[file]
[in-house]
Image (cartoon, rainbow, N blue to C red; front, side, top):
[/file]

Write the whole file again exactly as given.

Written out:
[in-house]
Image (cartoon, rainbow, N blue to C red; front, side, top):